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Sidhu seeks stay on his conviction

Sidhu moves SC so that he can contest the forthcoming by-election from Amritsar, reports Satya Prakash.

india Updated: Jan 11, 2007 13:59 IST
Satya Prakash
Satya Prakash

Cricketer-turned-BJP politician Navjot Singh Sidhu on Friday requested the Supreme Court to stay his conviction and three-year imprisonment in an 18-year-old road rage case on the ground that he wanted to contest the by-election to Amritsar Lok Sabha seat that fell vacant last month following his resignation.

Senior counsel Mukul Rohatagi mentioned Sidhu’s Special Leave Petition challenging the December 1 and December 6, 2006 orders of the Punjab and Haryana High Court on his conviction and sentence before a bench headed by Justice KG Balakrishnan, which posted it for hearing on January 12.

In his appeal, Sidhu, convicted of causing death of an elderly man at Patiala in 1988, has sought setting aside of the order of the high court order that held him guilty of culpable homicide not amounting to murder.

However, pending the final disposal of the appeal, Rohtagi requested the court to stay his conviction and sentence to enable him to contest the forthcoming Amritsar Lok Sabha by-election.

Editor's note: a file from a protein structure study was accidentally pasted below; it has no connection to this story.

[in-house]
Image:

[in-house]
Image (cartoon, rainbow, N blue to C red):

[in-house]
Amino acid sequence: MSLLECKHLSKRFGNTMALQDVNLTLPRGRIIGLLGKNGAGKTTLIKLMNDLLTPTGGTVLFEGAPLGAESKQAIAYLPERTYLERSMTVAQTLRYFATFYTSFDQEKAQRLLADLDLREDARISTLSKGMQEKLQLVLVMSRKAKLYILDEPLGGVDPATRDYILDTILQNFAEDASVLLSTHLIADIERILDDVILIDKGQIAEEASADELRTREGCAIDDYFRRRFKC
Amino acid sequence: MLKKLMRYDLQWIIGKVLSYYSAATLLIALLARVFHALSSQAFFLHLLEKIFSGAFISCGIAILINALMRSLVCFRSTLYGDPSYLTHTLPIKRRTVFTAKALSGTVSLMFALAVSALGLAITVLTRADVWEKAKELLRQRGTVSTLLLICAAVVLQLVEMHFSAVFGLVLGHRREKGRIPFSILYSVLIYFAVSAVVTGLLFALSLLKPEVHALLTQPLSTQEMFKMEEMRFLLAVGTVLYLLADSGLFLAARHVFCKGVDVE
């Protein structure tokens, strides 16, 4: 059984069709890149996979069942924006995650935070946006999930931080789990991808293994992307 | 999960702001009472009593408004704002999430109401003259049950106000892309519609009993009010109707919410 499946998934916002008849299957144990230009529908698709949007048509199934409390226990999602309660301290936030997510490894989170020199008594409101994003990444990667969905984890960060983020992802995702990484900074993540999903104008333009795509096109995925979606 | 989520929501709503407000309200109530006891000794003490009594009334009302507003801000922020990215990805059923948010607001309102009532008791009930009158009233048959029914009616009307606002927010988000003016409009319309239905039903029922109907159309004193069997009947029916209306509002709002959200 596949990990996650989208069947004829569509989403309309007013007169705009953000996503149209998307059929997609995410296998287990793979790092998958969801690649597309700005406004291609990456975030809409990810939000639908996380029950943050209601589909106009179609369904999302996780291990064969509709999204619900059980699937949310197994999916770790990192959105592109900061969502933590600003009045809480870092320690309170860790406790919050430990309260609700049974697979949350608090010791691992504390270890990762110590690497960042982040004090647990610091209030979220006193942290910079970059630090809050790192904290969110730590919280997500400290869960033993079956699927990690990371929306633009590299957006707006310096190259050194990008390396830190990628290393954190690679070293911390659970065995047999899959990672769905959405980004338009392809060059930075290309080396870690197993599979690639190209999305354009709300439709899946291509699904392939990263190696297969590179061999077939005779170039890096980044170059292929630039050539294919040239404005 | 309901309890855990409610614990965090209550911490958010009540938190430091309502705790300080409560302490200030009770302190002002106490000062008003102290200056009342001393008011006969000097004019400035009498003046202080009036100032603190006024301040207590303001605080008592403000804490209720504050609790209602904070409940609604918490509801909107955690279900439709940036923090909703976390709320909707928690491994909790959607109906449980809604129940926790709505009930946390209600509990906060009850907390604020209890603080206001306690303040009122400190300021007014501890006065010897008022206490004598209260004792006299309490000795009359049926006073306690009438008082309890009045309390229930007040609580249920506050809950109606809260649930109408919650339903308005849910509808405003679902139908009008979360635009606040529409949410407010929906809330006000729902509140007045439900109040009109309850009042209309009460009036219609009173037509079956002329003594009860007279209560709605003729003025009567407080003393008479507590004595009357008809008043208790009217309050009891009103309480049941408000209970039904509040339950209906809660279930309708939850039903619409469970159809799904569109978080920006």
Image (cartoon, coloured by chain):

He said the Election Commission has already announced the schedule for the by-election along with the Punjab Assembly elections on February 13 and that the last date for filing of nominations was January 18.

The former BJP MP from Amritsar, who resigned from the Lok Sabha after his conviction, can contest the ensuing elections pending final adjudication of his case, only if the apex court stays his conviction, and not just the sentence. If he fails to get a stay order by January 31, he will have to surrender and go to jail.

The trial court had in September 1999 acquitted him but the high court reversed that verdict and held him and co-accused Rupinder Singh Sandhu guilty of culpable homicide not amounting to murder for the death of one Gurnam Singh in 1988. The high court also imposed a fine of Rs 1 lakh each on the convicts and money would go to the victim’s widow.

The high court had suspended his sentence till January 31, 2007 to enable him file an appeal in the apex court. Both of them were granted bail by the Chief Judicial Magistrate, Chandigarh after they furnished bail bonds of Rs 10,000 each and a surety of like amount in accordance with the high court’s order.

Sidhu has contended before the apex court that the incident took place 18 years ago and the high court should not have reversed the trial court’s order of acquittal without there being any compelling circumstances.

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